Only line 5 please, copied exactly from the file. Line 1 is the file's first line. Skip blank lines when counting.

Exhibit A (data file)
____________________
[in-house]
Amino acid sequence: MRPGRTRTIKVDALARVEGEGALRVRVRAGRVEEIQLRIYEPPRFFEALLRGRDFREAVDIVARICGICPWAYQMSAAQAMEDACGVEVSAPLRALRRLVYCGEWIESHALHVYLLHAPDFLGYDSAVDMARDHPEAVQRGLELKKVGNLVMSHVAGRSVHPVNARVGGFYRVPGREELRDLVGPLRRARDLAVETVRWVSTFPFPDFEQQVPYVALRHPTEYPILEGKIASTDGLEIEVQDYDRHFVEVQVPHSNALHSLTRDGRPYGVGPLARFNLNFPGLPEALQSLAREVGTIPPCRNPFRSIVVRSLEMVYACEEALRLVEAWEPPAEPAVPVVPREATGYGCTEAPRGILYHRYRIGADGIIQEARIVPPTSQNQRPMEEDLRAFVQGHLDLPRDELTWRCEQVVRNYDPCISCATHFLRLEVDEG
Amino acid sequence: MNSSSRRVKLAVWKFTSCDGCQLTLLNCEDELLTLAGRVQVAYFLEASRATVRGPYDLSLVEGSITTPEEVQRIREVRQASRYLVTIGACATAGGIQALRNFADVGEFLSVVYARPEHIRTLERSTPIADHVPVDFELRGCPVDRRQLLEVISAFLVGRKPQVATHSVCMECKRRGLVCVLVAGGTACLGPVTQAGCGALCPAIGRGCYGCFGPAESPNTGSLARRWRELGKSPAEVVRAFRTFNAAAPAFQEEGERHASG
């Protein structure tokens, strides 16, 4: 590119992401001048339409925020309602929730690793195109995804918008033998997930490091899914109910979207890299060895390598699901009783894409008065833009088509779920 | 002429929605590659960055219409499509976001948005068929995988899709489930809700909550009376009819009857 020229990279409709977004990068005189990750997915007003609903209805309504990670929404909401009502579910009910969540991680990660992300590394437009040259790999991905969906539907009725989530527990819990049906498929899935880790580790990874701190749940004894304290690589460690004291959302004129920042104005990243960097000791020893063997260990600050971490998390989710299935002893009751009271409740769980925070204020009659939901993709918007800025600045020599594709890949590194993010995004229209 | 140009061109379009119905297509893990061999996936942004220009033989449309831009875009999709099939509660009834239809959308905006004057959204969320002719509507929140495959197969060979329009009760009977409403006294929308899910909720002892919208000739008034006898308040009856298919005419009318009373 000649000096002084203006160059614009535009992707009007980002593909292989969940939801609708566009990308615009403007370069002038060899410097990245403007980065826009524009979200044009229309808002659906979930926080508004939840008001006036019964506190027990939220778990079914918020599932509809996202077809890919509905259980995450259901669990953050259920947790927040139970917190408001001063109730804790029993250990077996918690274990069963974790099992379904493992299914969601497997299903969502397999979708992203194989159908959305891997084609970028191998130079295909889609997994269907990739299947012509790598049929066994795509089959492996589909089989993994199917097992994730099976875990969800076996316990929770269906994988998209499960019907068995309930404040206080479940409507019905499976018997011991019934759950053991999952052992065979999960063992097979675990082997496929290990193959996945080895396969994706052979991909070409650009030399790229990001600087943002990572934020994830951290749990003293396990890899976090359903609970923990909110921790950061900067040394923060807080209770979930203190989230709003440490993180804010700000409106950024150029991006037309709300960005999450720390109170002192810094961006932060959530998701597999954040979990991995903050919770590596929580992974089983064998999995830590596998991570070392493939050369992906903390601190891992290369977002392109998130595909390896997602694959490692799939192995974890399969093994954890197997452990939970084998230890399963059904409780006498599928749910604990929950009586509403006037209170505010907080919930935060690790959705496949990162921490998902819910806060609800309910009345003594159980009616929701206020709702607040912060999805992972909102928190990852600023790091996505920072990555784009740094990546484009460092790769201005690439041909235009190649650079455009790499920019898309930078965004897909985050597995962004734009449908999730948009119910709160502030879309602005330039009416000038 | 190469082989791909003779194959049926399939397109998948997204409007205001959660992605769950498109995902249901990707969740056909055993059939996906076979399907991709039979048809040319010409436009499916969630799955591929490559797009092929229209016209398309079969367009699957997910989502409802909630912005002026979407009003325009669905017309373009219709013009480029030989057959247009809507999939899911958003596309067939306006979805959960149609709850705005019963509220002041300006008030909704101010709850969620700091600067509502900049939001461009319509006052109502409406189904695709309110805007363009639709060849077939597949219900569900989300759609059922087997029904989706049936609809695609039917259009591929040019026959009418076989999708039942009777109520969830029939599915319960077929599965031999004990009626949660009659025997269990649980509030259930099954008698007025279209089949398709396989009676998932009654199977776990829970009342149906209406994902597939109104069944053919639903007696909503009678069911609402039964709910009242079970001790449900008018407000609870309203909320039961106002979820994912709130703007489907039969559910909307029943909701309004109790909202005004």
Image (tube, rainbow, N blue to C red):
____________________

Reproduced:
Image (tube, rainbow, N blue to C red):